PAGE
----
I have been in those "family meeting rooms" too many times, through my father's bypass and many grandparents' illnesses...and subsequent deaths. I know that feeling when the doctor comes in the room and starts walking towards you, and you want him to go back, to leave you in ignorance for just another minute. When the news comes, I was in tears.
"I will send in a bereavement counsellor to help you with the arrangements," says the doctor in those gloomy, syruped voices that they use. He starts out the door, pokes his head into a neighboring office, and screams, "Linda!!" at the top of his lungs.
On a serious note, he shows his sympathy to be a sham. On a lighter note, he adds levity to a dark moment. I was howling with laughter with tears in my eyes. I have never had quite an experience in a movie.
Beneath the comedy and brilliant family interactions, one can find a more serious message to the story. Olive's "secret routine" turns out--not surprisingly given its choreographer--to be done in the style of a striptease with break-away tuxedo pants and everything. The uproar that this innocuous little girl causes lands the family in a police station. But behind her are a line of little girls who are glossed and air-brushed sexuality disguised as cutesiness. They shake their hips on the stage and flash legs and bodies belonging to women, not little girls. It is disgusting. But they are cheered on, while Olive--who reveals the barely concealed sexuality for what it is--is banned from the pageant.
I don't do this often, but this one is deserving. I give Little Miss Sunshine four E.L. Fudge "Elves Exist" cookies out of four. It is a fantastic movie, and I recommend it highly...to anyone.
At the core of The Illusionist is a story we've seen one thousand times before. It is practically an archetype: A poor boy meets a girl of nobility and they fall in love, and despite the sanctions put against them because of the unacceptable differences in class, they decide to pursue their love against all odds.
When we enter the movie, the illusionist Eisenheim (Edward Norton) is being brought up on charges of having committed some sort of stage act considered unacceptable to the crown prince--who is also the fiance of his one-time love.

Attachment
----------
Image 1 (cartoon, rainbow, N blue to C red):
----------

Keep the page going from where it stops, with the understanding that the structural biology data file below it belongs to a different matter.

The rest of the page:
Through a pastiche of past and present, we get the whole story: Eisenheim and Sophie (Jessica Biel) were childhood sweethearts separated and reunited when Eisenheim rose to fame as an illusionist and was eventually called to entertain the royal family. The prince's fiance Sophie was offered as a volunteer, and the pair was reunited and their love subsequently rekindled, until Sophie's murder.
As I said, the story has been told before.
Or...is that part of the illusion?
What I love most about this movie is that it is itself an illusion; it is the story of Eisenheim's greatest illusion, which is freeing Sophie and himself to love each other. The audience for which the illusion is performed? Why us, of course!
Besides the grand illusion, some of the illusions performed by Eisenheim are absolutely beautiful. It is really a beautiful movie in many ways. (Interestingly, Norton--coached by illusionist David Blane--performed the illusions himself. They are not computer-generated.)
As far as characters go, the characters are built for a purpose, and while this fits with the idea of an illusion, it doesn't always work so well in a movie. There is little to like about Prince Leopold; there is little not to like about Eisenheim and Sophie. But there is one character who really commands the movie, who is, perhaps, the subject of the movie: Chief Inspector Uhl (Paul Giammatti). He begins as a deporable pawn of the crown prince, but as the movie evolves, he begins to doubt the prince and ends bringing Leopold under arrest for the murder of Sophie.